The price of oil extended gains to near $103 a barrel Wednesday, driven by severe winter weather in the U.S. and supply concerns.
Benchmark U.S. crude for March delivery was up 38 cents to $102.81 a barrel at 0800 GMT in electronic trading on the New York Mercantile Exchange. The contract surged $2.13 to close at $102.43 a barrel on Tuesday.
Last time the price of oil was above $103 was in October.
Severely cold weather and snowstorms in the eastern region in the U.S. have boosted energy prices. The National Weather Service said more snow is ahead for residents of northern New England, one day after a storm dumped about a foot on many communities.
One half of U.S. households use natural gas as their primary heating fuel and about a quarter of households in the Northeast U.S. rely on heating oil for space heating, according to the Energy Information Administration. The EIA is scheduled to release its weekly inventory data on Thursday.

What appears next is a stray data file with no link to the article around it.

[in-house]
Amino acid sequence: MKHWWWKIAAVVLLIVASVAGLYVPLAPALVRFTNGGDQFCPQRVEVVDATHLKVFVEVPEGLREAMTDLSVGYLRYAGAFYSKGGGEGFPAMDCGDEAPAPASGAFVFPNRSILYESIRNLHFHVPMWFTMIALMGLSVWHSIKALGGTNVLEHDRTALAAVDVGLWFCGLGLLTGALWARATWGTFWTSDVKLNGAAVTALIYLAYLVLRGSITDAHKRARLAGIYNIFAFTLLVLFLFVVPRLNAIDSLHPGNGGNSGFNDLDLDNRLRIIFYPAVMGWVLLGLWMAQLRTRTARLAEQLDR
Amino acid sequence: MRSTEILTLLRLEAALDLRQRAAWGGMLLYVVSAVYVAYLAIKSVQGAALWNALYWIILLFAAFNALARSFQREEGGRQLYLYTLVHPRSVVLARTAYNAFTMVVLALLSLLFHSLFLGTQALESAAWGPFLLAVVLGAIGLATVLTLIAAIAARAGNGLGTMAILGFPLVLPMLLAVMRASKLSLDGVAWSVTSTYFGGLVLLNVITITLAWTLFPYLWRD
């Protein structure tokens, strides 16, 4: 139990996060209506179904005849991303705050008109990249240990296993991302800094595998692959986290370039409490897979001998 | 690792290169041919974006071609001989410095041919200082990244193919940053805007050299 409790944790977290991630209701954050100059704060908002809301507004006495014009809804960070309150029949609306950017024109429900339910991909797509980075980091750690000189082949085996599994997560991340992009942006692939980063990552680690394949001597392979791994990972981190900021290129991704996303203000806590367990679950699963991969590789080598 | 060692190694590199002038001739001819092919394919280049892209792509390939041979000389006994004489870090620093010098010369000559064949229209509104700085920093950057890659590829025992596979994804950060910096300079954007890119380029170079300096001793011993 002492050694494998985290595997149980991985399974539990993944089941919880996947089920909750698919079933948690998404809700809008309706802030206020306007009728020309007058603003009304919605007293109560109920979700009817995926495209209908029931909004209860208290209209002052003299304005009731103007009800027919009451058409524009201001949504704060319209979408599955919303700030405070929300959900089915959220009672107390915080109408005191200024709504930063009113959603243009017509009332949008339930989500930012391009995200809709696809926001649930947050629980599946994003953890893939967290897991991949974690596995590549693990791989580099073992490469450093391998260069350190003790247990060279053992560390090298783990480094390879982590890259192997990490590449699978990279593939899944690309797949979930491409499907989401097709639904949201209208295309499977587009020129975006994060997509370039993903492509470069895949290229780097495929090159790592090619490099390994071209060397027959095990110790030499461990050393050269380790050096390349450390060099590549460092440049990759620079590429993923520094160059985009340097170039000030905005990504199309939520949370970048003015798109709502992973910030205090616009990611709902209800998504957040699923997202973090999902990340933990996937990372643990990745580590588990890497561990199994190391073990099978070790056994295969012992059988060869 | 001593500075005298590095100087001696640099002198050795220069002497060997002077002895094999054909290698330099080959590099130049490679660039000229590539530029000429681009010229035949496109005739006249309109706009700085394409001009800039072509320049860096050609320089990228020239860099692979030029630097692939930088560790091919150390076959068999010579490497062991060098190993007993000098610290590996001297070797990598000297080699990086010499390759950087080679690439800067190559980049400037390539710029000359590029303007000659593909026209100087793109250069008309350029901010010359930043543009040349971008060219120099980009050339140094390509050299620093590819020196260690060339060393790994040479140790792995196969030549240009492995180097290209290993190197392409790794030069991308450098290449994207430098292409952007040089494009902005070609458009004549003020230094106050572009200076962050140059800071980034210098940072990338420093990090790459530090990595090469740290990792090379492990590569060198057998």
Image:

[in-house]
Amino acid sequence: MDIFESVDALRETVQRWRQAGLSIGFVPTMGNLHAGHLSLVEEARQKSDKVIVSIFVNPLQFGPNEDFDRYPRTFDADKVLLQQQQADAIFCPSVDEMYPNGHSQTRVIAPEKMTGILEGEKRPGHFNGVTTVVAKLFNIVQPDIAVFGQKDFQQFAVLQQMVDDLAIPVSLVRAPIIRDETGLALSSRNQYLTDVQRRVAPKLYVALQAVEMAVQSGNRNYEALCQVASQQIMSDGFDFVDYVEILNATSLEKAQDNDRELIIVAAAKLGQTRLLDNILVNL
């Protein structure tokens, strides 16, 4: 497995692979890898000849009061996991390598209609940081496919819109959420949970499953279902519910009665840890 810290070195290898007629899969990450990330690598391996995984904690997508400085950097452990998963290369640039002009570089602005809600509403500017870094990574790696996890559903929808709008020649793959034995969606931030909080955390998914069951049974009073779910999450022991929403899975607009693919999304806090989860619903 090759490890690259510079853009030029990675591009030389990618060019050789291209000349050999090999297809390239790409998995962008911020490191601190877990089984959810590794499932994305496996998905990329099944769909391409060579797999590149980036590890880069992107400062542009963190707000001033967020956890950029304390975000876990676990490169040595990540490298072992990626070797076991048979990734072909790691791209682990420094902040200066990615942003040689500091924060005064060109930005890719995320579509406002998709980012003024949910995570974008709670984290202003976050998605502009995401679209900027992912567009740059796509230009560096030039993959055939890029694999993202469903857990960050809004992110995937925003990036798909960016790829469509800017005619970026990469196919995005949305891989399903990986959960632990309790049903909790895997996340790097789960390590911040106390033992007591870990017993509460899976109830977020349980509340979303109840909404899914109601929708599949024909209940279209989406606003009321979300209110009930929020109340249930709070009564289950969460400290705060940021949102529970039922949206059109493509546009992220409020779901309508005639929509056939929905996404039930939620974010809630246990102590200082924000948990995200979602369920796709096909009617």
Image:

Meanwhile, expectations for an increased oil supply were dampened after Iran rejected a key demand of six world powers in their latest round of talks. The talks that began on Tuesday in Vienna aim to finalize a deal to control Iran's nuclear program. Iran, a major oil producer, will be able to export more crude if the talks lead to reduced sanctions.
Brent crude, a benchmark for international oils, edged down 11 cents to $110.35.
In other energy futures trading on Nymex.
— Wholesale gasoline edged up 0.3 cent to $3.003 a gallon.
— Heating oil inched down 0.2 cent to $3.044 a gallon.
— Natural gas gained 12 cents to $5.671 per 1,000 cubic feet.